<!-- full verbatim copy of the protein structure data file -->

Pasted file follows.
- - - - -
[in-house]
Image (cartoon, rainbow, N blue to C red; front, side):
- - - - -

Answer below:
[in-house]
Image (cartoon, rainbow, N blue to C red; front, side):